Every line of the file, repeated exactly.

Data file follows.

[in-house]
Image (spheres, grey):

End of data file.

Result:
[in-house]
Image (spheres, grey):